4D time-resolved MR angiography with keyhole (4D-TRAK): more than 60 times accelerated MRA using a combination of CENTRA, keyhole, and SENSE at 3.0T.
ABSTRACT To present a new 4D method that is designed to provide high spatial resolution MR angiograms at subsecond temporal resolution by combining different techniques of view sharing with parallel imaging at 3.0T.
In the keyhole-based method, a central elliptical cylinder in k-space is repeated n times (keyhole) with a random acquisition (CENTRA), and followed by the readout of the periphery of k-space. 4D-MR angiography with CENTRA keyhole (4D-TRAK) was combined with parallel imaging (SENSE) and partial Fourier imaging. In total, a speed-up factor of 66.5 (6.25 [CENTRA keyhole] x 8 [SENSE] x 1.33 [partial Fourier imaging]) was achieved yielding a temporal resolution of 608 ms and a spatial resolution of (1.1 x 1.4 x 1.1) mm(3) with whole-brain coverage 4D-TRAK was applied to five patients and compared with digital subtraction angiography (DSA).
4D-TRAK was successfully completed with an acceleration factor of 66.5 in all five patients. Sharp images were acquired without any artifacts possibly created by the transition of the central cylinder and the reference dataset. MRA findings were concordant with DSA.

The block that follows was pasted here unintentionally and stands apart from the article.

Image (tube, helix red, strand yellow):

4D time-resolved MRA with keyhole (4D-TRAK) is feasible using a combination of CENTRA, keyhole, and SENSE at 3.0T and allows for more than 60 times accelerated MRA with high spatial resolution.
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ABSTRACT: We propose a compressed-sensing (CS) technique based on magnitude image subtraction for high spatial and temporal resolution dynamic contrast-enhanced MR angiography (CE-MRA). Our technique integrates the magnitude difference image into the CS reconstruction to promote subtraction sparsity. Fully sampled Cartesian 3D CE-MRA datasets from 6 volunteers were retrospectively under-sampled and three reconstruction strategies were evaluated: k-space subtraction CS, independent CS, and magnitude subtraction CS. The techniques were compared in image quality (vessel delineation, image artifacts, and noise) and image reconstruction error. Our CS technique was further tested on seven volunteers using a prospectively under-sampled CE-MRA sequence. Compared with k-space subtraction and independent CS, our magnitude subtraction CS provides significantly better vessel delineation and less noise at 4× acceleration, and significantly less reconstruction error at 4× and 8× (P < 0.05 for all). On a 1-4 point image quality scale in vessel delineation, our technique scored 3.8 ± 0.4 at 4×, 2.8 ± 0.4 at 8×, and 2.3 ± 0.6 at 12× acceleration. Using our CS sequence at 12× acceleration, we were able to acquire dynamic CE-MRA with higher spatial and temporal resolution than current clinical TWIST protocol while maintaining comparable image quality (2.8 ± 0.5 vs. 3.0 ± 0.4, P = NS). Our technique is promising for dynamic CE-MRA. Magn Reson Med, 2013. © 2013 Wiley Periodicals, Inc.Magnetic Resonance in Medicine 06/2013; · 3.27 Impact Factor